She detests waiters who say “There you go” when putting food in front of her, and longs to administer a clip round the ear to anyone who responds to her “Thank you” with “No problem.”.
The latter is one complaint that incenses me as much as the supposed offense obviously irritates Truss. Why? Because in saying "no problem", or "you're welcome", one is actually making an effort to be polite - demonstrating that whatever efforts you have made that were worth thanking really wasn't a problem. The hypocrisy of Truss complaining about this whilst bemoaning a lack of manners, however, is accentuated when you read this passage:
The press of people on our packed island is another factor she skirts round without actually naming. The French, she says, are better mannered, but they also have a much lower population density.
How would a polite Frenchman respond when someone says "merci"? By saying "de rien", or "it's nothing". Similarly in German, the response to "danke" is "bitte" - it's even shouted out by thousands of football fans when they assist the announcer in declaring the score. English culture is somewhat strange in not having an automatic response to the phrase "thank you". And the attempts of many to address this imbalance is welcome. No matter what miserable sanctimonious curmudgeons like Lynne Truss might say.

Birds At Night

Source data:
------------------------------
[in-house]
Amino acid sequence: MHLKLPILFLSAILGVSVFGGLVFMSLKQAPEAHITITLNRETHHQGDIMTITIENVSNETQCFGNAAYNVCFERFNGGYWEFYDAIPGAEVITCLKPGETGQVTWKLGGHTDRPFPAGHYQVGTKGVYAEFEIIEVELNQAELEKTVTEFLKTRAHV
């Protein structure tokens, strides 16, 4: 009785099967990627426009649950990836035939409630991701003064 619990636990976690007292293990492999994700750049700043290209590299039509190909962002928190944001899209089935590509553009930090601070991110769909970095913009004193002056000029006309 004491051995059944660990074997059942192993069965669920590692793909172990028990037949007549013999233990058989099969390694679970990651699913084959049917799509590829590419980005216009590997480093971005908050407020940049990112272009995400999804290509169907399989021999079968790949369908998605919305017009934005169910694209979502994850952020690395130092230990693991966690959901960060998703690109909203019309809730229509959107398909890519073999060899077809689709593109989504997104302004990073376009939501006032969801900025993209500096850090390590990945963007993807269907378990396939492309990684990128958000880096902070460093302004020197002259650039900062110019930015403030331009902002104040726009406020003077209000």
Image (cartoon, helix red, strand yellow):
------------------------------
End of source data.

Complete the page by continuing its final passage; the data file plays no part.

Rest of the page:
This is a sad indictment of our times. Surely the best reason for dimming the lights on skyscrapers at night is so that you save energy, not to try and save the lives of birds?

Friday, October 28, 2005

HawkEye, Cricket Umpiring, and the Greater Use of Technology

Back in May, I wrote that I wasn't yet convinced of the greater need to introduce more technology to assist the cricket umpire in his job. My argumentation was that introducing technology into certain areas reduces an umpire's concentration on the game, and therefore leads to poorer performance overall.

Over at Cricinfo, the modern world's bible for cricket fans, they have launched a new blog, Wicket to Wicket, which they've kicked off by hosting a discussion on the very issue of HawkEye. The greatest coach of modern times, Bob Woolmer, has contributed to the debate himself, where he makes the most persuasive case I have yet seen for the use of new-fangled gadgets and stuff.

(As an aside, Wicket to Wicket is playing precisely the role blogs should be playing in the wider media - acting as a forum for debate where issues are discussed fully and frankly).

Woolmer's point is this:
It [the introduction of HawkEye] would also mean that the human difference between one umpire and another over lbw decisions would vanish. It is particularly difficult when one umpire is seen as an “Outer” while the other is a “Not-outer.” The same appeal would solicit a different decision.